Thursday, August 13, 2015

The Things You Learn in Niagara

I've traveled most of my life, and sometimes the things that I learn just amaze me.  I recently visited Niagara Falls for the first time in 16 years.  I know, it seems like a long time, especially since I only live a few hours away, but I like new things and only have so much time; therefore I don't get to go there often.  This was my first time going there since 9/11.  I don't think I realized how much things had changed.

The falls never change.  They are beautiful and one of my favorite sights in the world.  But the world around them is really different than it used to be.  Niagara Falls used to be one place that just happened to sit on the border of Canada and the United States.  I must say that it was always more entertaining on the Canadian side.  Sorry to my fellow Americans, but it's true.  That's where my story starts.  I made reservations to stay on the Canadian side.

Rainbow Bridge has become more than just a beautiful bridge.  It has become a tightly monitored border crossing.  That's not to say that it's really any easier at any other crossing, but this is one of the busy ones.  When 9/11 happened, these people were used to running back and forth to work, or to go out for an evening, maybe even see a movie.  I used to just stop and say "Hi, I'm going to Canada."  No one worried about anything.  One of the reasons that it's taken me so long to get back now is because I had to have a passport.  It's new to me.  I grew up in pre-apocolyptic times.  I have traveled back and forth to Canada, especially through Detroit and Windsor at least a hundred times in my life.  But now it's different.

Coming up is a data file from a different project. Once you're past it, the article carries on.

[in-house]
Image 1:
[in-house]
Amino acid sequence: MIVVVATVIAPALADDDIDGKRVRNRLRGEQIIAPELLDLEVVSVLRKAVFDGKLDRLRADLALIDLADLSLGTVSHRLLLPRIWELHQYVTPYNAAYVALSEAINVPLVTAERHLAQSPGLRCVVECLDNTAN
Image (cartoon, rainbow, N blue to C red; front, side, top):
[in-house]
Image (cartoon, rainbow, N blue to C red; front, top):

Now you choose which boat to get soaked on.  If in the U.S. you will take the Maid of the Mist.  If you are in Ontario you will take the Hornblower.  I actually took the Maid of the Mist 16 years ago, when all the raincoats on all the boats from either side were blue.  I didn't take either cruise this time, because they are wet and miserable.  So, everyone should go once for the experience, but if you go twice, shame on you.

But, what about the crossing?  We had to drive up on a curb like structure on our way to Canada.  They asked all the usual questions, and asked me if my son was my son.  Legitimate question, since he could have been anyone with the same last name.  I'd never thought about that.  They wanted to know about alcohol and tobacco and such.  We waited in line about a half hour at a busy time on a Friday and we were gone.